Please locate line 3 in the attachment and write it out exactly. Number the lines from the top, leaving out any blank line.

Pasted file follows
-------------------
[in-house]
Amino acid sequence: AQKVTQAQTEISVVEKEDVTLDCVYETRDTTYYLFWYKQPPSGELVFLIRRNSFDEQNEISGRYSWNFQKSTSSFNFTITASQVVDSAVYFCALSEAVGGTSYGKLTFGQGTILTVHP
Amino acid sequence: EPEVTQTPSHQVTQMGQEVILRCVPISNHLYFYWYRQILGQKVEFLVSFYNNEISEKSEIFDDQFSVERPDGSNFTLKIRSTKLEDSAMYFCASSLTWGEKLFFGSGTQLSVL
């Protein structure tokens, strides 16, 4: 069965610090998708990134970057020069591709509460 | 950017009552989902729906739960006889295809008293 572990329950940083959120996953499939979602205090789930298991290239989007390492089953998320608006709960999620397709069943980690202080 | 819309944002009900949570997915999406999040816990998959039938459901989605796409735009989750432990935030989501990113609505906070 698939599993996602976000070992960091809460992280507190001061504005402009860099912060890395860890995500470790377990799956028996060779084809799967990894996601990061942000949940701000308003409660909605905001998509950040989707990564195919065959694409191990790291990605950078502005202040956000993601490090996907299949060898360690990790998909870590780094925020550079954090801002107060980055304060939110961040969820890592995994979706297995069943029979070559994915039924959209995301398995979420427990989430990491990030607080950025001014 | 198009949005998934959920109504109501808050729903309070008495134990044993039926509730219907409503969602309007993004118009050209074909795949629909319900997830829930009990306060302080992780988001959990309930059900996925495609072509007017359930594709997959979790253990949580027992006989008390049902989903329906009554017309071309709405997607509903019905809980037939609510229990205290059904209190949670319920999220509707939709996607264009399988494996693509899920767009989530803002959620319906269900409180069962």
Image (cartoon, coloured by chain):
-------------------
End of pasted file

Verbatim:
Amino acid sequence: EPEVTQTPSHQVTQMGQEVILRCVPISNHLYFYWYRQILGQKVEFLVSFYNNEISEKSEIFDDQFSVERPDGSNFTLKIRSTKLEDSAMYFCASSLTWGEKLFFGSGTQLSVL